More and more gaming monitors are coming out with a refresh rate as their top priority and their
best selling proposition. Modern-day high powered gaming monitors even have as high as a 240
Hz refresh rate gaming monitor which, is usually professional and competitive grade.
In gaming, it is particularly important to have a higher refresh rate because of two things.
1. Video is constantly and dynamically produced in real-time. This means that the monitor
should have a high graphics rate to deal with the higher FPS quality of the content being
2. The second most important thing to consider is that gaming has a real-time response
content. The gaming monitor also needs to be responsive and refreshes the screen fast
enough not just to suit the content but also the user’s intent. This means that the screen
needs to move faster than your thought is put into action.
To help us understand this, we are going to take in an example and explore it.
For high definition RPG battle royale games such as PubG, Fortnite or call of duty, the screen
transition is fast and is in real-time. Your computer’s screen needs to move about as fast as it
can to keep up with the ever-changing graphics in real-time.
A meagre 40 Hz screen may not cut it and if the game is too much of a high definition (like Red
Dead Redemption 2, Crysis 3 or GTA V), a meagre 60 Hz screen may not be enough. You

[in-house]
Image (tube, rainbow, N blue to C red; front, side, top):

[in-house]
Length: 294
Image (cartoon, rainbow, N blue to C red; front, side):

would have to get a higher refresh rate screen if you were to be going expect a tear-free and
lag-free FPS complementing the flow.
The same goes for racing or high FPS demanding games such as Asphalt or other games with
no real-time changes but demand high graphics.
Refresh Rate of Video Streaming and regular usage
When it comes to video streaming, it all boils down to the highest video quality you are going to
burden your screen with. For content with higher FPS production or content shot on 4K or even
8K Resolution (not common but slowly picking up), obviously, a meagre 60 Hz screen refresh
rate is not gonna cut it out. 120 Hz, 144 Hz, the choices go up and above.
Which choice of a monitor should I go for?
It is easy to say that this is a personal choice but it is really to say that it is going to come down
to what exactly are you going to use this for. Depending on this, you can fit in either of the
1. Get a simple 60 Hz or maybe even 75 Hz monitor if you are more of a TV+ Streaming
person. The simple 75 Hz push might be good with some basic gaming as well.
2. 120 Hz to 144 Hz for simple gaming and to suit high definition TV and streaming
3. 180 Hz to 240 Hz, serious gaming and maybe TV + OTT Streaming as a side dish.
Wrapping it up
Of course, it goes without saying that a monitor can be a personal choice and you HAVE to take
other points into considerations such as the Resolution, RAM available, the processing chipset
and multiple other factors, such as the brand too.
While that was our take, what do you think? Can Refresh rate really cut a difference or is it just
another vanity metric used to sell more screens? Got any burning questions about screens,
monitors or displays? Shoot them to us in the comments section below and our team will write
back to you soon.